Even if your paper was a one off, somebody may come along and decide that they find your research interesting and that they would like to continue from where you left off.
This is really just a more elaborate version of the abstract. In a few paragraphs you should summarize your findings. Your abstract will do most of this for you but, as long as you do not get carried away, especially for longer reports, it can help the reader absorb your findings a little more. Include all of your direct references here, even if you only found a couple of sentences. In the case where somebody referred to an original source, reference that too, but if you did not manage to get hold of it, try to rewrite so that you will not have to reference or use "referred in"-citation.
Here it is polite to acknowledge anybody who helped you with this report, although do not go overboard; it is not an Oscar speech. Your supervisor is a good start, as well as others who helped. Here are a few things to keep in mind when doing so. Planning Your Writing Research Papers. Membuat Kerangka Makalah Penelitian. Sample Outlines Sample Literature Outline.
Sample Compare and Contrast Outline. Choose between a topic outline and sentence outline. With a topic outline, the headings and subpoints are all given in single words or short phrases. With a sentence outline, all of the headings and subpoints are provided in complete sentences. Topic outlines are usually used when your research deals with many different issues that can be arranged in different ways.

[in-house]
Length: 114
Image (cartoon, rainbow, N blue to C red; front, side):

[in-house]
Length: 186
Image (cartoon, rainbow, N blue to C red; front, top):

Sentence outlines are usually used if your research focuses on complex issues. Some instructors will insist that you must not combine these two forms. Many others, however, offer one exception to this guideline by allowing the main section headings to be short phrases while the remaining subpoints are written as full sentences.
Most outlines use an alpha-numerical structure. This structure uses a series of letters and numbers to identify and arrange section levels. In sentence outlines, headings and subpoints are almost always written with correct sentence capitalization rules. This is not always the case with topic outlines, though. One school of thought indicates that first level headings should be written in all capital letters while all remaining headings use standard sentence capitalization rules.
Another school of thought suggests that the first level headings should only have the first letter of each word capitalized, rather than the entire word. The remaining headings, again, use standard sentence capitalization rules. Keep matters of length in mind. Your outline should run no longer than one-quarter to one-fifth the total estimated size of your final research paper.
For a four to five page paper, you only need a single page outline. For a 15 to 20 page paper, your outline will usually run no longer than four pages. Familiarize yourself with a one-level outline. A one-level outline only uses major headings and no subheadings. Note that you would not usually use this outline for a research paper, as it is not very specific or detailed. It can still be a good idea to start with this outline level, however, since you can use it to provide yourself with a general direction for your paper and expand upon it as the information flows in.